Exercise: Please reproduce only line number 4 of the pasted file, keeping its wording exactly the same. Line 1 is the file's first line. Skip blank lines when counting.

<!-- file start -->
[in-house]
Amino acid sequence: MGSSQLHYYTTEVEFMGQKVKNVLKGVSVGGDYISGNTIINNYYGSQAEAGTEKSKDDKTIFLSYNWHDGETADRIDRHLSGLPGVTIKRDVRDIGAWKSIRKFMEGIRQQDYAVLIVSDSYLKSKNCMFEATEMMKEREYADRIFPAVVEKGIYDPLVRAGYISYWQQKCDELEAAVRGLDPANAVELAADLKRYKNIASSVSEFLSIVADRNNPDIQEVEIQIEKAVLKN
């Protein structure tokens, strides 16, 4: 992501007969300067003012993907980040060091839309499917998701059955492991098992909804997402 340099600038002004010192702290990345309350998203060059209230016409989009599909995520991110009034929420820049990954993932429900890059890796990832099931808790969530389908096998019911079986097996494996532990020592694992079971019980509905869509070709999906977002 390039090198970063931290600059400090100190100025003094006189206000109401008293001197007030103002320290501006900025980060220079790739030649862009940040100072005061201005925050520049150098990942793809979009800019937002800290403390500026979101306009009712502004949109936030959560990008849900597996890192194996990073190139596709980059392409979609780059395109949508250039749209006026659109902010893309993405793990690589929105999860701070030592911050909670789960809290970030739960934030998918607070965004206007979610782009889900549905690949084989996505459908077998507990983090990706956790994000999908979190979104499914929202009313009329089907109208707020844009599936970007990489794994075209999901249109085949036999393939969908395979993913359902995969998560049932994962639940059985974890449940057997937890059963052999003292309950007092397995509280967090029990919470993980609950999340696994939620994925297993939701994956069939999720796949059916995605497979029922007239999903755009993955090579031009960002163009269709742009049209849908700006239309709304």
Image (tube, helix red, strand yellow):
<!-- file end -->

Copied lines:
Image (tube, helix red, strand yellow):